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From Wikipedia
In statistics, point estimation involves the use of sampledata to calculate a single value (known as a statistic) which is to serve as a "best guess" for an unknown (fixed or random) population parameter.
More formally, it is the application of a point estimator to the data.
In general, point estimation should be contrasted with interval estimation.
Point estimation should be contrasted with general Bayesian methods of estimation, where the goal is usually to compute (perhaps to an approximation) the posterior distributions of parameters and other quantities of interest. The contrast here is between estimating a single point (point estimation), versus estimating a weighted set of points (a probability density function). However, where appropriate, Bayesian methodology can include the calculation of point estimates, either as the expectation or median of the posterior distribution or as the mode of this distribution.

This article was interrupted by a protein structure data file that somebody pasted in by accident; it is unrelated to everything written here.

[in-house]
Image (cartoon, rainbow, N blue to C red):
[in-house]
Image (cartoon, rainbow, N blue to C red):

In a purely frequentist context (as opposed to Bayesian), point estimation should be contrasted with the specific interval estimation calculation of confidence intervals.
Routes to deriving point estimates directly
 maximum likelihood (ML)
 method of moments, generalized method of moments
 minimum mean squared error (MMSE)
 minimum variance unbiased estimator (MVUE)
 best linear unbiased estimator (BLUE)
Routes to deriving point estimates via Bayesian Analysis
Properties of Point estimates
The mean difference is a measure of statistical dispersion equal to the average absolute difference of two independent values drawn from a probability distribution. A related statistic is the relative mean difference, which is the mean difference divided by the arithmetic mean. An important relationship is that the relative mean difference is equal to twice the Gini coefficient, which is defined in terms of the Lorenz curve.